A metalhead ignites a grieving family (for better — and worse) in Hesher
Since grunge broke, who hasn't been fascinated by those unwashed, straggly-haired, flannel-clad legions who somehow were recast as Kurt Cobain's minions? In reality they lurked on the sidelines of school functions and adolescent gatherings long before Nevermind, butt hanging from lips, back set to slouch, and coolly assessing everything against some maddeningly precise internal bullshit meter. If you thought all the entertainment was up onstage, you've got another thing comin'.
But whatever you called them — skids, stoners, dirtbags, headbangers, or heshers, according to the Urban Dictionary definition ("Reebok-wearing, mulleted person in acid-washed jeans and a Judas Priest T-shirt who, at the age of 28, still lives in his/her parents' basement") — these figures always seemed like the stuff of grimy, suburban legend because, unlike everyone at a certain tender age, they didn't give a rat's ass about what anyone thought of them.
That's why Hesher director and cowriter Spencer Susser loosely modeled his title character after late Metallica bassist Cliff Burton. "He was someone who didn't worry about what people thought of him," says Susser by phone recently. "He wore bell-bottoms in the early '80s, way after they were considered cool, and he got a lot of grief about it, but he was like, 'Screw you.' I think [the character of] Hesher is very much like that. [Burton] was never interested in being a rock star. He just wanted to make music — he was very pure in a way."
Susser and cowriter David Michod (2010's Animal Kingdom) have a feel for that independent-minded spirit — probably one reason Metallica allowed more than one of its songs to be used in Susser's first feature film. Hesher itself also likely had something to do with it — if the intrigue with heavy-metal-parking-lot culture doesn't do donuts in your cul-de-sac, then the sobering story, seen through the eyes of a 13-year-old boy, might.
TJ (Devin Brochu) has lost his mom, and her shockingly sudden, traumatic passing has sent his entire family into a tailspin: his father (Rainn Wilson) can barely rouse himself from his heavily medicated stupor to attend their family grief counseling meetings, while his lonely grandmother (Piper Laurie) is left to care for the wrecked menfolk as best she can. All TJ can do is try to desperately hang onto the smashed car that has been sold to the used car salesman and then the junkyard, even if it means riding his bike into traffic and incurring the wrath of a neighborhood kid (Brendan Hill) who gets between him and the crushed metal.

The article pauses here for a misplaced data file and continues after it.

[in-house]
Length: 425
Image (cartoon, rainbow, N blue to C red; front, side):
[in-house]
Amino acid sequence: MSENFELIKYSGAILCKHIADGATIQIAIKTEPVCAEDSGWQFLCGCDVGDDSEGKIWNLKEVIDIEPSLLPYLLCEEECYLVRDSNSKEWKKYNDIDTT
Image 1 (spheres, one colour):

So it almost seems like a dream when he stumbles on and catches the attention of an aloof, threatening metalhead named Hesher (a typecast-squashing, perfectly on-point Joseph Gordon-Levitt), squatting in an empty suburban model home. Hesher threatens to kill him, then gets TJ into trouble with his pint-sized archenemy, and finally moves in, becoming his so-called "friend" and brand-new, unwanted shadow.
What's a grieving family lost in its own tragic inertia supposed to do with a home invasion staged by an angry, dangerous malevolent spirit — one giant raised middle finger etched into his back and a stick figure shooting itself in the head on his chest? The man is a walking fail tattoo — with a supernatural talent for arson, an appetite for grandma's home cooking and down-home nurturing, and an attraction to TJ's awkward friend Nicole (Natalie Portman, who also produced the film).
Coming to terms with Hesher's presence becomes a lot like going through Elisabeth Kübler-Ross' five stages of grief: there's the denial that he's taken over the living-room TV and rejiggered the cable to get a free porn channel; the anger that he's set fire to your enemy's hot rod and left you at the scene of the crime; and finally the acceptance that there's no good, right, or unmessy way to say goodbye — even if farewell means a beer-soaked, profanity-laced eulogy and walking the coffin past the strip mall.
HESHER opens Fri/13 in Bay Area theaters.